Gutenberg is Coming, whether you like it or not. If you have been around WordPress for any length of time, you know that in a month or so we will have a new default editor in WordPress. For better or worse, (we think it's better), we need to be prepared for this major update because it brings massive changes to WordPress core feature which is creating and editing content.
The classic editor plugin will give you the best of both worlds - for a time.
Essentially it will allow you to update to WordPress 5.0 - but still use the classic editor.
This will be a stopgap measure just in case you're not ready to take the deep dive into Gutenberg when 5.0 rolls out.
Step 2 - Create a staging environment
A staging environment is an exact copy of your current website that is not in "production" - that means the public can't view it.
This gives you a scratchpad to work from while you're performing step #3.
Step 3 - Get a list of your plugins
You'll want to get a list of plugins and themes that are currently on your newly created staging site.
The reasoning behind this is that many plugin/theme developers have not yet upgraded their code to handle Gutenberg
So if you have a list, you'll be able to more easily record which plugins/themes might be giving you problems.
The Debug info plugin is pretty helpful in that regard.
Step 4 - Install Gutenberg on your staging environment
Install the Gutenberg plugin on your staging site and deactivate the classic editor plugin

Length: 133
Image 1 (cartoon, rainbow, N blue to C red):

You are now a Gutenberg user! At least on staging anyway.
Now is the time to check under the hood - see if you have any of the following:
- MIssing or misaligned text
- Errors in certain pages not showing up
- Shortcodes not working
- Weird Behaviors in the admin panel
You'll also want to check the front end to see if it looks weird as well.
Most of your major plugins will have made updates to handle Gutenberg, such as:
- Yoast SEO
- Advanced Custom Fields
Step 5 - Update/ Deactivate/ or Delete Plugins and themes on your Staging Server
This is where you need to be a detective.
Using the list of plugins that you got from the debug info plugin, take notes on what you're seeing.
Are some of the configuration items gone from the admin panel? Has your theme gone haywire?
What you'll then need to do is either -
- Update the plugin if they have a Gutenberg compatible version
- Deactivate plugins one by one to see if they are culprits behind the problem - you may have to find a replacement plugin for those that are not compatible.
- Delete unnecessary plugins that are causing problems
You'll repeat the above steps for themes.
The actions that you take here on your staging environment can be replicated on your live site to make sure it's ready for Gutenberg.
If you want other articles and tips on Gutenberg, check out Gutenberg.news
Are there any missing steps in the above list? How was your experience with Gutenberg? Comment below.
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